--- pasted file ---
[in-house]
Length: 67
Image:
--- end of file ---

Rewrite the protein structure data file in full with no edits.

[in-house]
Length: 67
Image: